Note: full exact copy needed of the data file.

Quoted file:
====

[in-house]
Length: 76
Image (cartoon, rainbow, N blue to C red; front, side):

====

[in-house]
Length: 76
Image (cartoon, rainbow, N blue to C red; front, side):